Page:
Here's a cosmic contradiction: A tiny supermassive black hole. Astronomers using the Magellan II telescope in Chile and NASA's Chandra X-ray Observatory have discovered the smallest supermassive black hole yet found at the center of a dwarf galaxy.
The findings, published by the Astrophysical Journal Letters, could help scientists better understand the evolution of some of the earliest galaxies – and the black holes at their hearts.
Black holes are such dense, massive objects that even light cannot escape. They come in two main types: the "stellar-mass" black holes, which are the remains of dead stars that were several times the mass of the sun; and the supermassive black holes, which are thought to sit at the center of every large galaxy and that can weigh millions or even billions of solar masses.
But this newly found supermassive black hole, at the center of a dwarf galaxy called RGG 118, holds a mere 50,000 suns' worth of mass – on the order of 100,000 times smaller than some of its oversized peers. (The supermassive black hole in the middle of our own Milky Way, for the sake of comparison, holds between 4 million and 5 million solar masses, and it's not even a serious heavyweight.)
Unusual as this pint-sized supermassive black hole (and its galaxy) might sound, they're probably quite common, the scientists said.
"Most galaxies are fairly small – and whereas we are fairly convinced that there is a black hole sitting at the center of every big galaxy, we're not sure whether that's the case in the small ones," said study coauthor Elena Gallo, an astrophysicist at the University of Michigan in Ann Arbor. "It's just harder to find them, so that's why we don't really know."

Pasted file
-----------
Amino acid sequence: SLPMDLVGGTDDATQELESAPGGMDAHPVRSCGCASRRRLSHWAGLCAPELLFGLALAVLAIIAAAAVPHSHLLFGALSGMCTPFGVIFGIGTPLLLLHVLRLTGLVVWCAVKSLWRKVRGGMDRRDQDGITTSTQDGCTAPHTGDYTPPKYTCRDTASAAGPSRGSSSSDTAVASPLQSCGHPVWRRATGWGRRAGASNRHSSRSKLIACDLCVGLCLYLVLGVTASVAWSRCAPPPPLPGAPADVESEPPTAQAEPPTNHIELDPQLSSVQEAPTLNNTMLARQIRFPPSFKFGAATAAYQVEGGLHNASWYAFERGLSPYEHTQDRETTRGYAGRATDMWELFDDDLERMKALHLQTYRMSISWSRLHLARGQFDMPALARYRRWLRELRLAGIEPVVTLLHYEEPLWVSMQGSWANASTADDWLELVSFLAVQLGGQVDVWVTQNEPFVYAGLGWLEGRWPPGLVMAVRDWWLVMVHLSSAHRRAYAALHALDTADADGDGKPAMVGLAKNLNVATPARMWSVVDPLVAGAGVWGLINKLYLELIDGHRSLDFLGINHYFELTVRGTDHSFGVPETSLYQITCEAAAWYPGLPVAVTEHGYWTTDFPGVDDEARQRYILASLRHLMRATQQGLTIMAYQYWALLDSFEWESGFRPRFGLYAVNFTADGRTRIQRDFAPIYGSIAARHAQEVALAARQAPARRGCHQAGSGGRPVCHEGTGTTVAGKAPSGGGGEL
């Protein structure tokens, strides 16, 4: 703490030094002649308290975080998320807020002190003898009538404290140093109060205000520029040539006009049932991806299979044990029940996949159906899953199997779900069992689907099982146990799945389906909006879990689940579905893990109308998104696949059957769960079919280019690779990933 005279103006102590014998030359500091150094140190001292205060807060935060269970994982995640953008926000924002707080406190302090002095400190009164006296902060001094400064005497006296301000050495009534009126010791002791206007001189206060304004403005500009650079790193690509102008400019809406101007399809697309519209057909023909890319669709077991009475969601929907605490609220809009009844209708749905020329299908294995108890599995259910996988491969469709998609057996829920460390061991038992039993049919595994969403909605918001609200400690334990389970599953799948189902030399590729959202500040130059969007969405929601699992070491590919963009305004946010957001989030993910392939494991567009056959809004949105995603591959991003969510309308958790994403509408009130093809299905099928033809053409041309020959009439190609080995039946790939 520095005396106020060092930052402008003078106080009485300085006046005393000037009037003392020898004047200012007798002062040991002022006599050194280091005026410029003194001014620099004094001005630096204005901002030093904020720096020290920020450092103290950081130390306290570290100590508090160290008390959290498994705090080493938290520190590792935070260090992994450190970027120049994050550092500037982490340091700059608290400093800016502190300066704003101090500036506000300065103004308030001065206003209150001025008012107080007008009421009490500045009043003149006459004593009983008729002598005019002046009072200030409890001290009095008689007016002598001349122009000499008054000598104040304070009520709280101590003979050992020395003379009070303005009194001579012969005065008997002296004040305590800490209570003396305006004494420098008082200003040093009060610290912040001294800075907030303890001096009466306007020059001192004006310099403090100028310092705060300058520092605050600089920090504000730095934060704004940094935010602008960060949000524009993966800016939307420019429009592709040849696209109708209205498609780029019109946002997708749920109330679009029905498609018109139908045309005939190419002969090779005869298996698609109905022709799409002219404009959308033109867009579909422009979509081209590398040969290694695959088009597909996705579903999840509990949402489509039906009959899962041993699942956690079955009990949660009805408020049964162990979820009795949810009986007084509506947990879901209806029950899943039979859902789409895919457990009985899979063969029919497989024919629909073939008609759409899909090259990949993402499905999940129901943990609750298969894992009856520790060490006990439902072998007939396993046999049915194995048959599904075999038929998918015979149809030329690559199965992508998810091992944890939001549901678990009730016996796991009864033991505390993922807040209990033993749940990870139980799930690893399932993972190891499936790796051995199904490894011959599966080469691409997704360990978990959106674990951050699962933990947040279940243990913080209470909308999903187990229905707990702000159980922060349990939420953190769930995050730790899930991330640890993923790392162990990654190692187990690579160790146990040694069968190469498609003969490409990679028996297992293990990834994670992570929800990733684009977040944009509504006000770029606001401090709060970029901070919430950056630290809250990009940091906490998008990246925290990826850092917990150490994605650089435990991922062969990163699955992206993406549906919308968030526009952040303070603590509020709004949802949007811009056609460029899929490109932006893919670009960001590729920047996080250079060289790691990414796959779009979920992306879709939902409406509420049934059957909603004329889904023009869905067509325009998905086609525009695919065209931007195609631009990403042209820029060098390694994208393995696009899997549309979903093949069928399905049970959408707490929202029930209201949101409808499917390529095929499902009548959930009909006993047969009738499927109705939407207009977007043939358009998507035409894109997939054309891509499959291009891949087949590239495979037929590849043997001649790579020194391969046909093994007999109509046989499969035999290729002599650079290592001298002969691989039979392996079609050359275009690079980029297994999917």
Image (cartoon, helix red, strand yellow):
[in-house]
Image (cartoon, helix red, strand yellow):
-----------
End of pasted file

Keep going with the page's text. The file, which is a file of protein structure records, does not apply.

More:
"And if there are black holes there," she added, "we don't know whether they behave, with respect to their host galaxy, the same way as the big ones do."
RGG 118 is itself a tiny galaxy, which means that it probably never merged with other galaxies to make the monstrous structures we see populating the cosmos today.
"They're probably relatively pristine objects," Gallo said of such small galaxies.
This dwarf galaxy, then, could be an analogue to the early galactic building blocks from the universe's history.
By studying the movement of hydrogen within RGG 118 using the Magellan II (or Clay) telescope and the high-energy X-rays coming from the center of the galaxy using the orbiting Chandra telescope, the researchers were able to calculate the mass of the black hole.
The new findings give some insight into the relationship between dwarf galaxies and their black holes. But Gallo stressed that they would need to study more than just one dwarf galaxy's black hole before they could draw broader conclusions.
"These dwarf galaxies, with their teeny black holes, give us a relatively nearby laboratory to study the process by which black holes formed very early on in the universe," she said.